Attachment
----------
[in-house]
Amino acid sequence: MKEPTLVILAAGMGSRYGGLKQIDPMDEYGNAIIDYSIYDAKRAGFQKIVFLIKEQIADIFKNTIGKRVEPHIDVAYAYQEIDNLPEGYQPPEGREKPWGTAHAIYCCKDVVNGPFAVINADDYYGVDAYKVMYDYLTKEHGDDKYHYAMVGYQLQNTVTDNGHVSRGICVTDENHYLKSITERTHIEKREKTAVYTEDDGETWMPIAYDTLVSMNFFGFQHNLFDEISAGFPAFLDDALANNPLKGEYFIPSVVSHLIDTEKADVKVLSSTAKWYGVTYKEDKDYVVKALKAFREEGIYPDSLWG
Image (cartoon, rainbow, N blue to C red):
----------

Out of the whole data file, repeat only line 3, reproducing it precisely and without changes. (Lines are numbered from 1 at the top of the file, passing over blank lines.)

Image (cartoon, rainbow, N blue to C red):